• environmental factors
  • family history of depression or anxiety
  • neurobiology
  • social experiences
  • traumatic events
  • personality traits
  • emotional and physical neglect
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Anxiety can be paralyzing, which can make it difficult to reach out for help.

It’s understandable. But try to keep in mind that research shows that untreated, or under-treated, anxiety symptoms can lead to a reduced quality of life in multiple areas, including your social, work, and educational settings.

You may find it useful to think of your emotional bandwidth as a cup, says Luman. If that cup becomes full of anxiety, panic, or fear, there’s limited room for emotions like joy, happiness, and peace.

“The contents of your cup then overflow, and out come all of those negative emotions which commonly look like depression, sadness, or hopelessness,” she explains.

Left untreated, an anxiety disorder can lead to:

Older research shows that chronic stress and anxiety can also change certain parts of your brain. For example, your hippocampus, which is responsible for learning and memory. This can increase your chance for neurodegenerative diseases, like dementia.

Rather than waiting for things to get to a breaking point, consider reaching out to a therapist for support.

Developing coping skills and practicing relaxation techniques and grounding exercises can help you anticipate an anxious response as well as calm down quickly when you need to.

Research shows that 60% of people living with depression do not seek help for it.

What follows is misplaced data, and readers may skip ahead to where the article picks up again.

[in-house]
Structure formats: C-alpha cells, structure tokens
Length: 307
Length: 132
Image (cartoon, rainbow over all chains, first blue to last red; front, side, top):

Yet, major depressive disorder is a condition that often warrants support and treatment, especially when coupled with an anxiety disorder.

If you believe you may be living with depression, it’s highly advisable to seek the guidance of a mental health professional.

They’ll be able to assess whether or not you meet the diagnostic criteria for depression, as listed in the Diagnostic and Statistical Manual of Mental Disorders, 5th edition, text revision (DSM-5-TR).

In order to receive a diagnosis, at least five of nine formal symptoms must be present for longer than 2 weeks.

The formal symptoms of depression include:

  • persistent low mood that may include sadness, hopelessness, and irritability
  • disinterest in things you used to love
  • trouble with concentration and memory
  • changes in the way you talk and move, usually to a slower pace
  • changes in sleep patterns
  • appetite changes that may lead to weight fluctuation
  • unexplained aches and pains and fatigue
  • thoughts of self-harm or suicide

If you’re living with anxiety and you think it’s causing depression symptoms as well, you don’t have to go through this alone. You may find it useful to work with a therapist who is familiar with anxiety, depression, and the overlap between the two.

There are many types of treatment options available, but Ely recommends Acceptance Commitment Therapy (ACT) and cognitive behavioral therapy (CBT) as a great place to start.

Ely adds these modalities can help you:

“In therapy, we focus on changing your negative narrative about yourself to one that is strength and value-focused,” she says. “By combining these methods, we see clients move from anxiety and depression, to self-confidence and more fulfilling lives.”

In some cases, living with the effects of anxiety can cause depression symptoms to develop. It could also intensify these symptoms if you already live with both conditions.

Left untreated, anxiety disorders can have a negative impact on your overall quality of life in multiple areas, like your home life, relationships, work, or school.

Developing coping mechanisms and seeking the help of a professional can help and have been found effective in the relief of symptoms.